records, function and procedure parameters, and the data for localvariables. The pages that make up the stack segment are markedread/write and are private to the process. Pages from the stacksegment are paged into the swap device. The initial size of the stacksegment is typically one page; if the process references an addressbeyond the end of the stack the operating system will transparentlyallocate another page to the stack segment.The BSS segment is used to store statically allocated uninitializeddata. The pages that make up the BSS segment are marked read/write,are private to the process, and are initialized to all-bits-zero atthe time the program is invoked. Pages from the BSS segment are pagedinto the swap device. The size of the BSS segment is fixed at thetime the program is invoked: it does not grow or shrink during programexecution.The initialized data segment is used to store statically allocatedinitialized data. The pages that make up the initialized data segmentare marked read/write, and are private to the process. Pages from theinitialized data segment are initially read in from the initializeddata in the filesystem; if they have been modified they are paged intothe swap device from then on. The size of the initialized datasegment is fixed at the time the program is invoked: it does not growor shrink during program execution.The dynamically allocated data segment (or "heap") contains data pageswhich have been allocated by the process as it runs, using the brk() orsbrk() system call. The pages that make up the heap are markedread/write, are private to the process, and are initialized toall-bits-zero at the time the page is allocated to the process. Pagesfrom the heap are paged into the swap device. At program startup theheap has zero size: it can grow arbitrarily large during programexecution.Most processes do not have a shared data segment. In those that do,the shared data segment contains data pages which have been attached tothis process using the shmat() system call. Shared memory segments arecreated using the shmget() system call. The pages that make up theshared data segment are marked read/write, are shared between allprocesses attached to the shared memory segment, and are initialized toall-bits-zero at the time the segment is allocated using shmget().Pages from the shared data segment are paged into the swap device.Shared memory segments are dynamically allocated by processes on thesystem: the size of a shared memory segment is fixed at the time it isallocated, but processes can allocate arbitrarily large shared memorysegments.2) Per-Process Memory MapThe six segments that comprise a process can be laid out in memory inany arbitrary way. The exact details of the memory layout depend onthe architecture of the CPU and the design of the particular UNIXimplementation. Typically, a UNIX process uses the entire virtualaddress space of the processor. Within this address space, certainaddresses are legal, and are used for particular segments. Addressesoutside of any segment are illegal, and any attempt to read or write tothem will generate a Segmentation Violation signal.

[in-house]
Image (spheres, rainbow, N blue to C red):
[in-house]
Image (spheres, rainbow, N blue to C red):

The diagram below shows a typical UNIX per-process virtual memory mapfor a 32-bit processor. Note that this memory map covers the entirevirtual address space of the machine. In this diagram, regions markedwith a t are the text segment, s indicates the stack segment, Sthe shared memory segment, h the heap, d the initialized data, andb the BSS. Blank spaces indicate illegal addresses.+--------+-----+--------+----+---------------------+-------+----+----+|tttttttt|sssss| |SSSS| |hhhhhhh|dddd|bbbb||tttttttt|sssss| ->> |SSSS| <<- |hhhhhhh|dddd|bbbb||tttttttt|sssss| |SSSS| |hhhhhhh|dddd|bbbb|+--------+-----+--------+----+---------------------+-------+----+----+0 2GIn this particular implementation, the text segment occupies the lowestvirtual addresses, and the BSS occupies the highest. Note that memoryis layed out in such a way as to allow the stack segment and the heapto grow. The stack grows "up", toward higher virtual addresses, whilethe heap grows "down", toward lower virtual addresses. Also note thatthe placement of the shared memory segment is critical: if it isattached at too low of an address it will prevent the stack fromgrowing, and if it is attached at too high of an address it willprevent the heap from growing.3) Process size limitsAll UNIX systems provide some method for limiting the virtual size of aprocess. Note that these limits are only on virtual memory usage:there is no way to limit the amount of physical memory used by aprocess or group of processes.On systems that are based on SVR3, there is a system-wide limit on thevirtual size of the data segment. Changing this limit typicallyrequires you to change a UNIX kernel configuration parameter and relinkthe kernel: check your operating system documentation for details.On systems that are based on BSD or SVR4, there is a default limit onthe size of the stack segment and the data segment. It is possible tochange these limits on a per-process basis; consult the man pages ongetrlimit() and setrlimit() for details. If you are using the C-shellas your login shell the limit command provides a command-lineinterface to these system calls. Changing the system-wide defaulttypically requires that you change a UNIX kernel configurationparameter and relink the kernel: check your operating systemdocumentation for details.Most systems also provide a way to control the maximum size and numberof shared memory segments: this typically involves changing the UNIXkernel parameters SHMMAX, SHMSEG and SHMMNI. Again, consult youroperating system documentation for details.4) The High-Water-Mark EffectRecall from above that the size of the data segment can only be changedby using the brk() and sbrk() system calls. These system calls allowyou to either increase or decrease the size of the data segment.However, most programs, including Oracle programs, do not use brk() orsbrk() directly. Instead, they use a pair of library functions